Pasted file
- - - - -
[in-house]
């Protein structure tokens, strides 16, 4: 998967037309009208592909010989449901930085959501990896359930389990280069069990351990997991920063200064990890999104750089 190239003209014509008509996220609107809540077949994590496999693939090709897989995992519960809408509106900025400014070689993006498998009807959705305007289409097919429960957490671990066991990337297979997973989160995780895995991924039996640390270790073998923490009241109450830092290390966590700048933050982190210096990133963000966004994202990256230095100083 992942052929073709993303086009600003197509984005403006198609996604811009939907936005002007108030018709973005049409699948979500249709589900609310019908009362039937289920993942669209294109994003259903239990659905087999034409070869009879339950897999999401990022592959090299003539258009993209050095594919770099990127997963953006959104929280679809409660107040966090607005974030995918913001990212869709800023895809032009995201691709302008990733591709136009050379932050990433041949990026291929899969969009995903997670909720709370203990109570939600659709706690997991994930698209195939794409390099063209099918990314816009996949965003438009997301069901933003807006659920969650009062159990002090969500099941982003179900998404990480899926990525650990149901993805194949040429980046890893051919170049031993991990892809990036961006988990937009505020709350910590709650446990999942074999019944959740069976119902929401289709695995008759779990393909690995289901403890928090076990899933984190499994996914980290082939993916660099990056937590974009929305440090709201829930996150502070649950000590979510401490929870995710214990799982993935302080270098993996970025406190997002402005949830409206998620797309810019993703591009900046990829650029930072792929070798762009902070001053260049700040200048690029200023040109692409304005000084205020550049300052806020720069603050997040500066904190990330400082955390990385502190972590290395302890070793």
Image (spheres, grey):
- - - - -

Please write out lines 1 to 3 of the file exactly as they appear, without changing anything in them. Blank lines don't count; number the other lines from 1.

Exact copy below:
[in-house]
């Protein structure tokens, strides 16, 4: 998967037309009208592909010989449901930085959501990896359930389990280069069990351990997991920063200064990890999104750089 190239003209014509008509996220609107809540077949994590496999693939090709897989995992519960809408509106900025400014070689993006498998009807959705305007289409097919429960957490671990066991990337297979997973989160995780895995991924039996640390270790073998923490009241109450830092290390966590700048933050982190210096990133963000966004994202990256230095100083 992942052929073709993303086009600003197509984005403006198609996604811009939907936005002007108030018709973005049409699948979500249709589900609310019908009362039937289920993942669209294109994003259903239990659905087999034409070869009879339950897999999401990022592959090299003539258009993209050095594919770099990127997963953006959104929280679809409660107040966090607005974030995918913001990212869709800023895809032009995201691709302008990733591709136009050379932050990433041949990026291929899969969009995903997670909720709370203990109570939600659709706690997991994930698209195939794409390099063209099918990314816009996949965003438009997301069901933003807006659920969650009062159990002090969500099941982003179900998404990480899926990525650990149901993805194949040429980046890893051919170049031993991990892809990036961006988990937009505020709350910590709650446990999942074999019944959740069976119902929401289709695995008759779990393909690995289901403890928090076990899933984190499994996914980290082939993916660099990056937590974009929305440090709201829930996150502070649950000590979510401490929870995710214990799982993935302080270098993996970025406190997002402005949830409206998620797309810019993703591009900046990829650029930072792929070798762009902070001053260049700040200048690029200023040109692409304005000084205020550049300052806020720069603050997040500066904190990330400082955390990385502190972590290395302890070793």
Image (spheres, grey):